Commenced in January 2007
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Edition: International
Paper Count: 2

land evaluation Related Abstracts

2 Range Suitability Model for Livestock Grazing in Taleghan Rangelands

Authors: Hossein Arzani, Z. Arzani, Masoud Jafari Shalamzari

Abstract:

This paper follows FAO model of suitability analysis. Influential factors affecting extensive grazing were determined and converted into a model. Taleghan rangelands were examined for common types of grazing animals as an example. Advantages and limitations were elicited. All range ecosystems’ components affect range suitability but due to the time and money restrictions, the most important and feasible elements were investigated. From which three sub-models including water accessibility, forage production and erosion sensitivity were considered. Suitable areas in four levels of suitability were calculated using GIS. This suitability modeling approach was adopted due to its simplicity and the minimal time that is required for transforming and analyzing the data sets. Managers could be benefited from the model to devise the measures more wisely to cope with the limitations and enhance the rangelands health and condition.

Keywords: Modeling, land-use, range suitability, extensive grazing, land evaluation

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1 Characterization and Evaluation of Soil Resources for Sustainable Land Use Planning of Timatjatji Community Farm, Limpopo, South Africa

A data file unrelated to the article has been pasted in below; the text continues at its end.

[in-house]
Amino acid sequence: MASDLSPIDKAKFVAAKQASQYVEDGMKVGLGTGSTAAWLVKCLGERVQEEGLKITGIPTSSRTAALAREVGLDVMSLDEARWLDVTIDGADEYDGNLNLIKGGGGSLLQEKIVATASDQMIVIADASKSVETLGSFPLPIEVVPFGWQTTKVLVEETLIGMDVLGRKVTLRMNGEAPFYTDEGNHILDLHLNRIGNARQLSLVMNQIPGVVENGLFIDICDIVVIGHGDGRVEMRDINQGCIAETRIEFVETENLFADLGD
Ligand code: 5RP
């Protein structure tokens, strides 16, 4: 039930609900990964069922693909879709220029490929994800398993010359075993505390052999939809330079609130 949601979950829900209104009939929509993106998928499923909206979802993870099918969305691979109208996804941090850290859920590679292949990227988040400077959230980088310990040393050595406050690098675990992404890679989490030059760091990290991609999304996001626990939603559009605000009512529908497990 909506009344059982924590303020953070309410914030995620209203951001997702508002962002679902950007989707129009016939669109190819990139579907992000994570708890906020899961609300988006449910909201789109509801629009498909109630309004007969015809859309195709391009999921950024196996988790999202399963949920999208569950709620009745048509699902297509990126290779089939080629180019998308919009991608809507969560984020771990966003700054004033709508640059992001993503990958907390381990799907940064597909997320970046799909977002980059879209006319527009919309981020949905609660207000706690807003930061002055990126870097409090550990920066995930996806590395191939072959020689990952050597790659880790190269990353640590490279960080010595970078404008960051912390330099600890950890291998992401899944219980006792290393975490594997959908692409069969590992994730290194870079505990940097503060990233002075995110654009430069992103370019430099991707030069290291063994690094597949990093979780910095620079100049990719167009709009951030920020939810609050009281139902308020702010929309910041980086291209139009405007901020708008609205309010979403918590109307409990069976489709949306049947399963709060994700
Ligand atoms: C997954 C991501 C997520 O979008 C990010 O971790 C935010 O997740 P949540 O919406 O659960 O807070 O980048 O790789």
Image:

Authors: Phesheya E. Dlamini, Vusumuzi E. Mbanjwa, M. Linda Phooko, Rhandu Chauke

Abstract:

The decline of yields as a consequence of miss-informed land-use decisions poses a threat to sustainable agriculture in South Africa. The non-uniform growth pattern of wheat crop and the yields below expectations has been one of the main concerns for Timatjatji community farmers. This study was then conducted to characterize, classify, and evaluate soils of the farm for sustainable land use planning. A detailed free survey guided by surface features was conducted on a 25 ha farm to check soil variation. It was revealed that Sepane (25%), Bonheim (21%), Rensburg (18%), Katspruit (15%), Arcadia (12%) and Dundee (9%) were the dominant soil forms found across the farm. Field soil description was done to determine morphological characteristics of the soils which were matched with slope percentage and climate to assess the potential of the soils. The land capability results showed that soils were generally shallow due to high clay content in the B horizon. When the climate of the area was factored in (i.e. land potential), it further revealed that the area has low cropping potential due to heat, moisture stress and shallow soils. This implies that the farm is not suitable for annual cropping but can be highly suitable for planted pastures.

Keywords: Characterization, land evaluation, land capability, land potential

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